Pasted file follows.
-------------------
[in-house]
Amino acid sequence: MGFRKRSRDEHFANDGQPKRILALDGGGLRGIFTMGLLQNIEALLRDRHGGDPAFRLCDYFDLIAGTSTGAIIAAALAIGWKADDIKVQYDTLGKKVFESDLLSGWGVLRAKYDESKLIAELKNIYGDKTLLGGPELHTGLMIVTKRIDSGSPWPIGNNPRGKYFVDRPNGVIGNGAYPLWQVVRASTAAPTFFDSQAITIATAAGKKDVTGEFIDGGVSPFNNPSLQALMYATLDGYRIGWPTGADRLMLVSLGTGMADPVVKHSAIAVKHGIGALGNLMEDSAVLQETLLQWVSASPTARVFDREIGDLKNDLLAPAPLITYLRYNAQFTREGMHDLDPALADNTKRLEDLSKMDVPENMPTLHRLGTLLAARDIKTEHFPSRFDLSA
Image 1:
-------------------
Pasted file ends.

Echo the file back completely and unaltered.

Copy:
[in-house]
Amino acid sequence: MGFRKRSRDEHFANDGQPKRILALDGGGLRGIFTMGLLQNIEALLRDRHGGDPAFRLCDYFDLIAGTSTGAIIAAALAIGWKADDIKVQYDTLGKKVFESDLLSGWGVLRAKYDESKLIAELKNIYGDKTLLGGPELHTGLMIVTKRIDSGSPWPIGNNPRGKYFVDRPNGVIGNGAYPLWQVVRASTAAPTFFDSQAITIATAAGKKDVTGEFIDGGVSPFNNPSLQALMYATLDGYRIGWPTGADRLMLVSLGTGMADPVVKHSAIAVKHGIGALGNLMEDSAVLQETLLQWVSASPTARVFDREIGDLKNDLLAPAPLITYLRYNAQFTREGMHDLDPALADNTKRLEDLSKMDVPENMPTLHRLGTLLAARDIKTEHFPSRFDLSA
Image 1: